A mobius strip is an endless looping band where the separate ends of the band were reconnected after giving it a half twist so the eye travels up and over and back again—right-side up then upside down then right-side up, etc.. You know—like the LIFE/DEATH process itself.
It’s a continuum of sorts—a thing with no beginning and no end.
So I think that was an appropriate image for the book cover of Dzogchen Ponlop’s Mind Beyond Death.
And for some weird reason this book has been on my mind lately so I’m guessing it’s time to share the info with others in case someone out there might be interested in it.
Back when I was seriously studying all that I could find on alternate realities, states of being, and life beyond death, etc., I got hooked on reading about Tibetan Buddhism. (I have a personal library of CDs, books, etc. for each ‘phase’ of learning that I have seemed to travel—even an entire ‘book shelf’ for each phase.)
So back in 2011 I was in this ‘completed the Shamanism phase,’ was still in my ‘Kundalini Awakening phase’ (which truly sucked and still does at times) and was trying to figure out what was actually going on with what I was personally experiencing—you know, trying to make ‘sense of it’ rationally, because my life had become “50 Shades of Strange” nearly all the time back then.
Except ‘rational’ was not a word that applies to the illogical and unpredictable aspects of LIFE; and I just wanted something (more likely anything) to make a ‘kind of sense’ to me even if the context in which I had to view it was totally different from how I had previously considered it.
So one of the info sources I ran across at the time was Dzogchen Ponlop’s Mind Beyond Death, which described the Tibetan Buddhist bardo states of consciousness.
Per Wiki on BARDO:
“In some schools of Buddhism, bardo (Classical Tibetan: བར་དོ་ Wylie: bar do) or antarābhava (Sanskrit, Chinese and Japanese: 中有, romanized in Chinese as zhōng yǒu and in Japanese as chūu) is an intermediate, transitional, or liminal state between death and rebirth.”
Per Amazon books on Ponlop’s MBD:
“…An indispensable guidebook through the journey of life and death, Mind Beyond Death weaves a synthesis of wisdom remarkable in its scope. With warm informality and profound understanding of the Western mind, the Dzogchen Ponlop Rinpoche makes the mysterious Tibetan teachings on the bardos—the intervals of life, death, and beyond—completely available to the modern reader….”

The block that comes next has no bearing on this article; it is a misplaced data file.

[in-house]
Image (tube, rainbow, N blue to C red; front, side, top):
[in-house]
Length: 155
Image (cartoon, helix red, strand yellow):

Per the bookcover blurb:
“ Drawing on a breathtaking range of material, Mind Beyond Death shows us how working with the bardos can be used to conquer death. Working with the bardos means taking hold of life and learning how to live with fearless abandon. Exploring the six bardos—not just the three bardos of death—MBD demonstrates that the secret to a good journey through and beyond death lies in how we live.
Walking skillfully through the bardos of dream, meditation, and daily life, The Dzogchen Ponlop Rinpoche takes us deep into the mysterious death intervals, introducing us to their dazzling mindscape.…”
“Holy cow! Is that what I actually saw?”
Yes, it likely was. Anyway when I first read it, I took pages and pages of notes from the book; and I ran across that old note collection a few days ago realizing that this subject is what I had been writing about in the broadest sense, but without specifics; so I’ll close this current epic with one last quote and if anyone is interested in the book, you’ll know without my going into more depth on it.
Per Mind Beyond Death, page 11:
“The teachings of the six bardos point out the fundamental continuity of mind through all states of existence. From this perspective of what we call ‘life’ and ‘death’ are simply concepts—relative designations that are attributed to a continuous state of being, an indestructible awareness that is birthless and deathless. …That nature of our mind is empty, luminous wisdom; it is primordially pure awareness; it is wakefulness that transcends duality. …”